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The optional subject of an imperative is usually the second person pronoun. I've found something quite peculiar in Malay, where the utterance is an imperative and is passive but the subject is not the second person.

Benda yang pelik jangan di-tegur     (*[oleh kamu])

Thing COMP weird NEG    PASS-mention (*[by 2.SG]) 

Don't mention things that are weird 

The context of this utterance is one where 2 persons notice something weird, thinking that it's a ghostly entity or something paranormal and one person mentions what s/he sees, smells or hears. It's something like the 'knock on wood' gesture. The active counterpart of this utterance is the following:

(Kamu) jangan tegur   benda yang pelik   

(2.SG) NEG    mention thing COMP weird   

(You) don't mention things that are weird

One can also focus-move the arguments:

Benda yang pelik jangan ditegur.

Jangan ditegur, benda yang pelik.

Benda yang pelik, jangan tegur.

Jangan tegur benda yang pelik.

In transformational grammar, it is said that the internal argument is raised and the thematic subject is turned into an optional adjunct by-phrase. Using the by-phrase in the utterance above is anomalous. However, an imperative necessarily needs a second person subject in English and Malay, but the utterance above demonstrates that there is a mix up somehow.

The negator "jangan" is a direct order which means "do not". This means that the subject absolutely has to be the second person. In English, it would be very strange to use "do not" with a 3rd person subject.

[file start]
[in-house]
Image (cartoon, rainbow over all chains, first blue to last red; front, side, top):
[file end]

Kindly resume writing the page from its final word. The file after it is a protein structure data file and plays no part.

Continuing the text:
How is this utterance possibly an imperative when the grammatical subject is not the second person?

How can one register this utterance as an imperative when SpecIP has been occupied by the moved internal argument, not the second person?

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    Example 1 "Nothing is to be said about this outside these four walls." 3rd person passive optative. – Hugh Jul 13 '15 at 23:46
  • Example 2 "None of you are to be seen by the judges before the competition." 3rd/ ?2nd person passive optative/ ?imperative. – Hugh Jul 13 '15 at 23:59
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    @Hugh - Good examples, but what makes your examples different from the utterance at hand is that the negator "jangan" is a direct order, which means "do not", and necessarily requires the second person. Maybe I should add that to the question, for clarity's sake. – Morphosyntax Jul 14 '15 at 8:48
  • But from your analysis, it is clearly not true that jangan necessarily requires the second person. – Colin Fine Jul 14 '15 at 9:50
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    That's what makes it peculiar. "Jangan" semantically selects (I don't know whether this is the right term to use) a 2nd person subject, but on the surface, the subject is the moved internal argument. It's barely an analysis - more like an observation. – Morphosyntax Jul 14 '15 at 9:57

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